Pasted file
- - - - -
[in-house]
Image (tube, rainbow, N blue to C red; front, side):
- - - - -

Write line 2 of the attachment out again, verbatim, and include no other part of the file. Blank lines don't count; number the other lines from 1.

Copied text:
Image (tube, rainbow, N blue to C red; front, side):